1. One To Two Times Per Week - (This is the most common frequency.)

  1. Two To Three Times Per Week
  1. Four To Five Times Per Week - (This service frequency is most unusual.)
  1. Indicators for Referral to CPSE To Meet and Possibly Amend IEP

Related Services: Physical Therapy

The determination of need for physical therapy services and the intensity of that service is dependent upon identified need in one or more of the following domains:

Determination of the frequency, intensity, duration, and location of services is not based merely on severity of delay or disability in the above domains, as children with problems in motor performance are not a homogeneous group. Therefore, the following mediating factors should also be considered:

Note: A physical therapist assistant provides physical therapy care under the supervision of a physical therapist. A 1998 amendment to Section 6738 of the Education Law effective through June 30, 2005 states that a physical therapist assistant may provide services without the on-site supervision of a licensed physical therapist under certain circumstances. Periodic treatment and evaluation by the supervising physical therapist should be indicated on the plan of care, as determined by the child's needs, but must not exceed every twelfth visit or 30 days, whichever occurs first.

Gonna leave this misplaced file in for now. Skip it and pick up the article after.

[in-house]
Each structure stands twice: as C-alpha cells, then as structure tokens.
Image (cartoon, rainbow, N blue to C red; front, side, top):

Indicators for CPSE Recommendation of Frequency of Physical Therapy Services

  1. Less Than One Time Per Week
  1. One To Two Times Per Week - (This is the most common frequency.)
  1. Two To Three Times Per Week
  1. Four To Five Times Per Week- (This service frequency is most unusual.)
  1. Indicators for Referral to CPSE To Meet and Possibly Amend IEP

Note: A physical therapy referral on behalf of the CPSE from a physician, dentist, podiatrist, or nurse practitioner may indicate that services should be ongoing even when the physical therapist has indicated discharge is appropriate. When services continue, the rationale should be clearly documented in regard to the recommendation to discharge made by the physical therapist and the referral to continue made by the referring practitioner.

Related Services: Counseling (Child, Parent, Family)

The determination of need for counseling services is dependent upon the child demonstrating a significant delay or disability in social-emotional development and/or behavioral/emotional problems that are persistent and pervasive which impact the child's ability to learn or acquire skills in one or more functional areas. Children who may require counseling services would demonstrate behavioral characteristics such as:

Determination of the frequency, intensity, duration and location of services is not based merely on severity of delay or dysfunction in the above domains, but must also consider the following mediating factors:

The distinction between individual counseling services and counseling offered within the classroom to help the child with anxiety or aggressive behavior as behaviors occur should be considered. Also, the intervention may include family counseling or work with the parent and/or other caregivers, as well as direct work with the child.

Indicators for CPSE Recommendation of Frequency of Counseling Services

  1. One To Two Times Per Week
  1. More Than Two Times Per Week
  1. Indicators for Referral to CPSE To Meet and Possibly Amend IEP

Guidance for Determining the Provision of Special Education Itinerant Services